Among the identity theft victims who contacted the credit bureaus, 40% did not know they had the right to dispute to ask the credit bureaus to investigate and correct inaccurate information on their credit reports. Of those who did dispute the information on their credit report, 52% said the information was correctly removed, 29% said the information was not removed and 18% were not sure.

Of those who said the inaccurate was removed, 39% were either somewhat or very dissatisfied with the process. The main reason for the dissatisfaction was that the inaccurate information was not removed. Only 42% were able to get information removed with a single contact to a credit reporting agency while 24% needed three to five contacts. 4% had to contact a credit bureau six or more times to get the information removed!

The FCRA requires credit bureaus to block accounts that are the result of identity theft. The trigger for the blocking action is a police report by the victim and a dispute letter explaining the writer is a victim of identity theft. Very few consumers are aware of the right to have the credit bureaus block the fraudulent accounts. Only 21% of the persons who contacted the credit bureaus attempted to have the accounts blocked. Even those who asked had their accounts blocked only 46% of the time for reasons unknown.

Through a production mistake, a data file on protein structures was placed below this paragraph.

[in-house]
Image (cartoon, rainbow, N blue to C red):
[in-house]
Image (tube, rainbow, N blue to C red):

One common reason for dissatisfaction was the difficulty of reaching a live person when calling a credit bureau. Another was the sheer difficulty of getting the bureaus to remove fraudulent accounts from their reports. Some reported the bureaus tried to sell them fraud alert packages and the like they did not want.

Identity theft often results in accounts showing up on the victim’s credit reports. When that happens, a first step is to go to the local police to report the theft and get a report. A next step is to send a copy of the report to each of the credit bureaus with a letter asking that the fraudster’s accounts be deleted.

Police reports are important in this process because under the FCRA, 15 U.S.C. § 1681c-2, a credit bureau must block the reporting of any incorrect information in a consumer’s file upon receiving: “(1) appropriate proof of the identity of the consumer; (2) a copy of an identity theft report; (3) the identification of the information by the consumer; and (4) a statement by the consumer that the information is not information relating to any transaction by the consumer.”